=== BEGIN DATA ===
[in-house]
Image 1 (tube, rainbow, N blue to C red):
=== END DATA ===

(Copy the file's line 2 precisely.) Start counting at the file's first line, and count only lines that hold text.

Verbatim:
Image 1 (tube, rainbow, N blue to C red):